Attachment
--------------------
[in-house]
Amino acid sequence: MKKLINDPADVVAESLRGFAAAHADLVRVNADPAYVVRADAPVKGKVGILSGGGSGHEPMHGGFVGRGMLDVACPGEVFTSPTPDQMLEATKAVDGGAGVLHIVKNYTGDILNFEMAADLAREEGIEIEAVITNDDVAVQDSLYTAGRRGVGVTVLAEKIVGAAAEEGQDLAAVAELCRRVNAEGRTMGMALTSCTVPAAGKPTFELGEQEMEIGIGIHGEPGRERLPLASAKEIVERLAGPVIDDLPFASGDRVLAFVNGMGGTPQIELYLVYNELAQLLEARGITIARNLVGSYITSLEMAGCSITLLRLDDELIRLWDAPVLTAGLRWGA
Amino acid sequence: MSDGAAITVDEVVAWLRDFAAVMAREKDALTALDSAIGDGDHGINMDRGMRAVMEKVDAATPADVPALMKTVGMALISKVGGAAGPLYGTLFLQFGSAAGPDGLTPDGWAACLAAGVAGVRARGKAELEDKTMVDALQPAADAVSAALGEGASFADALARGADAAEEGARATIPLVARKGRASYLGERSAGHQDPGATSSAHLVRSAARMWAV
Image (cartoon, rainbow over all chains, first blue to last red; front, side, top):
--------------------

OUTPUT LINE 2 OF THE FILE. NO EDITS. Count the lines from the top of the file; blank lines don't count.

Amino acid sequence: MKKLINDPADVVAESLRGFAAAHADLVRVNADPAYVVRADAPVKGKVGILSGGGSGHEPMHGGFVGRGMLDVACPGEVFTSPTPDQMLEATKAVDGGAGVLHIVKNYTGDILNFEMAADLAREEGIEIEAVITNDDVAVQDSLYTAGRRGVGVTVLAEKIVGAAAEEGQDLAAVAELCRRVNAEGRTMGMALTSCTVPAAGKPTFELGEQEMEIGIGIHGEPGRERLPLASAKEIVERLAGPVIDDLPFASGDRVLAFVNGMGGTPQIELYLVYNELAQLLEARGITIARNLVGSYITSLEMAGCSITLLRLDDELIRLWDAPVLTAGLRWGA